Antibacterial Therapy: Taking the Cure
A century ago, a simple infection could take a life. Before the 1900s, physicians relied on a bevy of concoctions to treat infectious conditions that they could not understand. Mercury was the treatment of choice for skin diseases such as syphilis and leprosy, and was administered in the form of ore cinnabar as early as the 1300s. It was later given in the form of ointments, oral medication and vapor baths. Given the toxicity of mercury, the treatment set the stage for the debut of the less-toxic potassium iodide in the 1840s. Potassium iodide was effective against even late-stage syphilis, and prompted scientists to continue to pursue a way to eradicate the disease.
In 1908, German microbiologist Paul Ehrlich began extensive work looking for a cure. After testing more than 600 arsenic compounds, he discovered the 606th—salvarsan—to be an effective treatment for syphilis. The treatment was a boon for urologists, since many of them made their living treating venereal disease. These "clap doctors"—red-light district, LeClapier—were slowly building their treatment arsenals. But it wasn't until veteran World War I battlefield doctor and scientist Alexander Fleming discovered penicillin that physicians had a truly effective weapon against infectious disease. The chance contamination of a petri dish in Fleming's laboratory revolutionized medicine. After recognizing the antibacterial potential of penicillium notatum in 1928, Fleming published his findings in the British Journal of Experimental Pathology. Though the research was groundbreaking, mass production and purification of the compound was difficult, and research slow. It would take a second world war, two Oxford pathologists and American drug companies to make penicillin available to the masses.
Meanwhile, in 1932, German microbiologist Gerhard Domagk was earning his 1939 Nobel Prize. Domagk's discovery that prontosil rubrum, a derivative of sulphanilamide, was effective against lethal doses of staphylococci and haemolytic streptococci established sulfa drugs as the first synthetic antibacterials.
In the late 1930s, Oxford's Howard Florey and Ernst Chain happened across Fleming's report, and began to pursue studies to determine to true potential of penicillin. The pair was able to successfully isolate and purify penicillium notatum (growing their cultures in as unlikely containers as bedpans for want of laboratory dishes), and by 1941 had proved that it was an effective cure for bacterial infections. In 1943, New York physician John Friend Mahoney had identified the drug as a cure for syphilis and other infections.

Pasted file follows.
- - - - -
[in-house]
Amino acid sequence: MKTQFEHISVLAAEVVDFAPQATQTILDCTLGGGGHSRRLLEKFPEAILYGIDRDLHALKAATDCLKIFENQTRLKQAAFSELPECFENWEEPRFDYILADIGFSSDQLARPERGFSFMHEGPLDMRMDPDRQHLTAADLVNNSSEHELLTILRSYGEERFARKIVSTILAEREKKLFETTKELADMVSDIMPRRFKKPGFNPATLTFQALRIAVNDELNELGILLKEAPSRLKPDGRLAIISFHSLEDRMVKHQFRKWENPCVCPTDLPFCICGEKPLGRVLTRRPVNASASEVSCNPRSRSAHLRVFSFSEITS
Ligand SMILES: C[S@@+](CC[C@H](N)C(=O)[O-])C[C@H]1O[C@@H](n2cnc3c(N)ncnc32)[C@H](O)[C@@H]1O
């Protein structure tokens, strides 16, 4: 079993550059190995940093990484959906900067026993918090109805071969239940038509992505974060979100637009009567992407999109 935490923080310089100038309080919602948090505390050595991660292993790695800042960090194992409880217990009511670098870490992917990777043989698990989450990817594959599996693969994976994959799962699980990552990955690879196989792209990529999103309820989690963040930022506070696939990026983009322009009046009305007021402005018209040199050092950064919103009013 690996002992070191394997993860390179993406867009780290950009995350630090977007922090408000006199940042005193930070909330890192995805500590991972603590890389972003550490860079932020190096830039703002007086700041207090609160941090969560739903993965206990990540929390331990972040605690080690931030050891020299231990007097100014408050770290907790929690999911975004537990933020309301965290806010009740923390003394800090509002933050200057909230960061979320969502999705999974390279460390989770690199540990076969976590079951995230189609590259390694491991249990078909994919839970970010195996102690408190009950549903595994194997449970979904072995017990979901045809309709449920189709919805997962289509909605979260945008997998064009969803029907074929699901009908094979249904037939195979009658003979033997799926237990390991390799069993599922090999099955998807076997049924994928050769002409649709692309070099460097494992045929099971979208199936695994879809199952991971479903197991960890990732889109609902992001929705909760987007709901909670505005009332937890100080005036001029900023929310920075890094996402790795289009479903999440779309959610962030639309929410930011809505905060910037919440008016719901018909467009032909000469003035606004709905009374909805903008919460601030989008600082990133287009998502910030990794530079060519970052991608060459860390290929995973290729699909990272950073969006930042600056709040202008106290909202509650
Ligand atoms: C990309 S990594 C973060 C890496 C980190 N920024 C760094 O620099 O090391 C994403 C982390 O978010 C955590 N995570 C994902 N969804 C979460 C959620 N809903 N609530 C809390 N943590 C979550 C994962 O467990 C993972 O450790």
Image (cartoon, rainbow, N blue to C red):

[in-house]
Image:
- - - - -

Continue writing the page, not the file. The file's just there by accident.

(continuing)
After Florey and Chain took their findings to American pharmaceutical firm Eli Lilly and Company, mass production of penicillin began—though not in time to save the hundreds of soldiers that died from infections during World War II. Russian-born soil microbiologist Selman Waksman's discovery of streptomycin in 1944 marked the first effective medicine to treat mycobacterium tuberculosis (TB). Also providing relief for genitourinary tract TB, the drug improved the outlook immeasurably when combined with synthetic isoniazid and para-amino salicylic acid.
By 1990, new drugs were discovered which could shorten the treatment course for TB, just as next-generation sulfonamides and manmade fluoroquinolones became favored widely by urologists due to their excellent penetration of the genitourinary tract.
Despite these important discoveries, we are now faced with new challenges, as bacterial resistance to existing drugs has emerged with a vengeance, making prescribing a continual challenge. Fluoroquinolones, likely due to their widespread use in earlier decades, are no longer the preferred first line antibiotic for UTIs due to high resistance rates and potentially devastating side effects. Antibiotic stewardship efforts to reduce the use of unnecessary antibiotics and temper the treatment of asymptomatic bacteriuria are changing recommended practice.
No matter how the future unfolds, urologists now owe their antimicrobial formulary to a modest scientist who changed the world with one stray mold spore.
Reference – www.auanet.org/guidelines/recurrent-uti
Rainer Engel, MD
Morgan Katz, MD